Next week we’ll look at some of the tools for staying in the game and being a more effective leader. Understanding how the brain and body works during difficult times will help in coping and providing exceptional leadership. But if you aren’t in the game and your team members aren’t in the game during difficult times, exceptional leadership doesn’t happen.
Thanks for coming along.
I received an e-mail from a good friend I had not heard from in quite some time. It was so much fun to catch up with him. We traded several e-mails and shared some memories. I had traveled quite extensively with Joe. We went on a five city tour of Australia, spent a week in Rome, Cancun, Puerto Rico and more. One of the fondest memories I had working with Joe was when we traveled to the western part of Argentina. We went to San Juan de Bariloche in the Patagonia area to a resort hotel called LLAO LLAO. It was for a medical meeting where we brought in about 18 of the top ENT surgeons from around the world. One afternoon we had a chance to go fly-fishing. Joe had never been fly-fishing before and we had a great time floating down the river fishing. Joe wound up catching the biggest fish of the day and received the top prize. When we were done fishing, we sat down in the shallow ripples of the river in our waders and shared a cold beverage and took in the scenic wonder and beauty.
Joe said,” I don’t take enough time to unwind like this. I can’t believe I have to come half way around the world to enjoy some peace and tranquility like this and really connect with people.”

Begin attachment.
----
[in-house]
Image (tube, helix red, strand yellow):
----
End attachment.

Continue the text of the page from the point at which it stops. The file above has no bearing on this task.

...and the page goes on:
In my e-mail to him this week, I reminded him of our conversation in the river and asked him, “Have you had a chance to unwind the last several years?”
Our lives go by so fast and furious. We get pulled in so many different directions. Sometimes we just forget to unwind. So take some time, unwind and enjoy the beauty and people around you. It is worth every moment you spend taking it all in.
Thanks for coming along.
My house sits at the back end of two and half acres. The driveway coming up to the house actually has two bends in it. In all, it is 338 steps from my mailbox to my front door. Un-announced guests are a rarity.
I hear a knock at the front door and when I open it, there is a teenage boy who seems under a little bit of duress.
“Mr. Inman?” he asks, visibly shaking and his voice breaking.
“Yes, can I help you?” I respond, thinking he looks like the teenager across the street.
“My dad told me to come tell you the hay delivery person cut the corner too tight and he knocked over your stone mailbox.”
“Oh, is that right? And who may you be?” I query. I think I know who he is but I haven’t seen him in a couple of months and he has gone through a growth spurt.
“Do you know Guy and Kathy across the street?” he asks.
“Oh, I sure do.”
“Well, I’m their mother.” He responds.
I just about wet my pants.
How often do we get into stressful situations and we just lose it? This is when our protective brain takes over and we are helpless. We have what I call a “chemical brain freeze.” We all know what a Slurpee brain feels like. We are going to explore what happens when you get a chemical brain freeze due to difficulty and stress. It will render you just as useless as a Slurpee brain freeze but instead of lasting 20 seconds it can last for up to 20 minutes and sometimes you can’t even tell you are having one. You just don’t make any sense for that time period.
I have been working on a new book “Chemical Brain Freeze”-How to Stay in the Game during Difficulty and Stress. I will share stories and accounts with you as we move into this very interesting area of thought.
You will also get a chance to learn about my other book coming out soon, “Nimble-How to Lead Above the Turmoil of Change.” Nimble is a business book written to help start, grow or strengthen your business.
Thanks for coming along.